“Although this stance has been widely expected by the markets, it is likely that this confirmation of a hard Brexit will trigger several years of ongoing uncertainty.


“The markets detest uncertainty. As such, investors should take precautions against a potential fall in the value of UK assets and avoid firms dependent upon UK-only earnings.


“Investors can achieve this by increasing exposure to non-UK investments, such as international stocks, bonds and property.”


He continues: “Today’s stronger-than-expected inflation data – UK inflation has hit its highest level since the middle of 2014 – also adds weight to the argument to reduce portfolio exposure to UK assets as the Bank of England could be more inclined to now hike interest rates.”



Mr Green concludes: “Regardless of the hard Brexit and the increasing likelihood of a rate rise, many investors should be considering a rebalance of their portfolios away from the UK.  Investing across geographical regions is one of the fundamentals of a well-diversified portfolio – and those with a well-diversified portfolio are best-placed to mitigate risk in times of market turbulence and best-placed to take advantage of the opportunities.


“The greater diversification that is secured by ‘going more global’, the greater the reduction of overall portfolio risk.”



Article 50 countdown drives rush to transfer UK pensions overseas


The imminent triggering of Article 50 – the official start of the UK’s divorce proceedings from the EU – is helping to drive the current rush to transfer UK final salary pensions into overseas schemes.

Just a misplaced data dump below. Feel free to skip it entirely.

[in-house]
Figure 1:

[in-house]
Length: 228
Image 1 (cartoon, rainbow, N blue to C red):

deVere Group, one of the world’s largest independent financial advisory organisations, affirms enquiries have increased by 21 per cent since the beginning of December and pinpoints Brexit as the main influencer of this trend.


Nigel Green, founder and CEO of deVere Group, comments: “Since the Brexit vote last June, there has been a groundswell of interest in overseas pension transfers. This has intensified in recent weeks as we begin the final countdown to the triggering of Article 50 by the end of March, when Britain will start negotiations with the EU over its exit.


“I expect the momentum to develop further, the closer we get to ‘trigger day’.”


He explains:  “It’s understandable why so many are considering transferring their UK pensions into an HMRC-recognised overseas pension scheme at the moment.  They recognise the golden opportunity right now.


“There are three key factors at play here.


“First, since the Brexit vote, gilt yields have reduced considerably and this has driven up transfer values. Indeed, they have reached record highs.  It is perhaps unlikely that the transfer values will remain at this level post-Brexit and people seeking to transfer are looking to take advantage of these possibly once-in-a-lifetime values.